EU: going for broke

The 2012 global economic results highlight the unique counterperformance of the European Union among its major trading partners. According to the end of year statistics published by The Economist, even countries like Japan and the United States have managed growth rates of 2 percent or above. The average growth rate for the ASEAN countries reaches 4.5 percent, whilst China enjoys a still robust 7.5 percent growth this year. In Latin America, the economies of Brazil, Venezuela, Argentina and Chile have grown on average by 4 percent in 2012, a trend set to continue next year as well.

Alas, no such performances for the European Union. Aggregate economic growth for the 27 members is stuck below zero, even if overall the Union has the lowest budget deficits (3.5 percent) and public debt in relation to aggregate GDP within the industrialised world (around 60 percent). Southern EU members such as Greece, Portugal, Spain and Italy experience various rates of negative growth and high unemployment not seen in Europe since the Great Depression, whereas Britain, France and Holland are mired in economic stagnation. The exceptions to the rule are some Nordic countries – notably Denmark, Sweden and Finland – led by Germany. The latter has pressured the other  European Union members into adopting unwise and harmful austerity policies, since its elites display a penchant for economic theories in vogue in the 18th century, when macroeconomics and econometrics had not yet been discovered and economic science was still only a branch of moral philosophy. If one adds to the obsession of the balanced budget – popular among US Republicans in the 1990’s – the pathological German fear of moderate inflation, one can more easily understand the reasons behind the current economic stagnation in Europe.

The IMF has recently tried to educate EU leaders to the effect that a 1 percent reduction in public spending lowers growth by at least 1.5 percent, and not, as originally thought, by 0.5 percent. The IMF’s recommendation was to ease up on austerity measures, since the savage budget cuts requested by Europe’s neoliberals have already done great harm to the continent’s economy. Fully engaged, however, in backing such misguided policies, most EU conservative leaders balk at the IMF’s lessons in econometrics.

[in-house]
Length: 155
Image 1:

The inescapable fact is that a majority of the best-performing industrialised countries in 2012 are led by left-leaning parties. Their leaders are more interested in promoting economic growth and, in Latin America especially, in constantly reducing social inequalities.

The ideologically induced stalemate that has stunted economic growth in Europe is set to continue in 2013 as well. Unfortunately, France’s and Denmark’s socialists are at present overwhelmed by the rest of the EU’s leaders, more at home with the theories of David Ricardo and reverend Malthus than with those of today’s Nobel prize-winning economists…

Leave a Reply »»

*
To prove you're a person (not a spam script), type the security word shown in the picture.
Anti-Spam Image

Spotlight on Geopolitics rss

by Florian Pantazi. Author's profile : more.



  • Tags

  • Posts since Feb 2009

    December 2012
    M T W T F S S
    « Nov   Feb »
     12
    3456789
    10111213141516
    17181920212223
    24252627282930
    31  
  • RSS Poverty in the Spotlight blog

    • Eugène Buret on Poverty October 22, 2014
      One hundred and eighty years ago (1834) , the newly-founded Academy for Moral and Political Sciences in Paris organized a competition for the best research paper on the causes and various manifestations of poverty in Europe.  The best research paper on the subject, which won its author  a 2,500 francs prize offered by baron Félix de Beaujour, was “De la Misè […]
      Florian Pantazi
    • Le pape François et "l'économie des retombées" May 18, 2014
      L'Eglise romano-catholique a toujours été concernée avec les aides pour les pauvres, leur éducation et leur bien-être. Les derniers trente ans, toutefois, la plus puissante église chrétienne du monde a pris congé de ce devoir millénaire, sous les pontificats des papes Jean Paul II et Benoît XVI. Pendant cette période, le problème de la pauvreté et les p […]
      Florian Pantazi
    • L'Europe à la traîne February 23, 2014
      Dans une enquête de 68 pages publiée récemment, la Croix Rouge Internationale révèle que, à la suite de la crise financière et en lien direct avec les politiques d'austérité, plus de 120 millions d'européens risquent de basculer dans la pauvreté et que 40 millions ne peuvent déjà pas manger à leur faim. La secrétaire générale de la Federation Inter […]
      Florian Pantazi

    Advertisement